Crawford Loritts reflects on five lessons he learned from his father on how to speak so that your children take your words seriously:
- Don't waste words. Don't add a lot of apologies or unnecessary detail that make you look timid.
- Don't threaten.
- Be clear about expectations. When you tell someone, especially a child, how to behave or what to do, make sure you both are very clear about what you expect.
- Be clear about consequences, particularly if your expectations involve an area with which that child has struggled in the past.
- Take clear, decisive action. . . .
Say what you mean and back up your words with action. It's a testimony to your integrity and an example your children will carry with them throughout their lives.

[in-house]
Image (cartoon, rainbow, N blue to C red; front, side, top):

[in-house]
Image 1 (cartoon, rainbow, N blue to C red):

Never Walk Away, (Chicago: Moody, 1997), 96, emphasis mine.
Recent posts for the 2012 Conference for Pastors —
- What Is Father Hunger? (Video from Doug Wilson)
- Dads, Consider the Impact of Availability (Excerpt from Crawford Loritts)
- Masculinity Is the Glad Assumption of Responsibility (Video from Doug Wilson)